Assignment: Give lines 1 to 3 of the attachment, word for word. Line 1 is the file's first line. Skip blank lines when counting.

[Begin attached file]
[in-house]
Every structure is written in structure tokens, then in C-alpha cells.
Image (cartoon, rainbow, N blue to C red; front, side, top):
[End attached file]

[in-house]
Every structure is written in structure tokens, then in C-alpha cells.
Image (cartoon, rainbow, N blue to C red; front, side, top):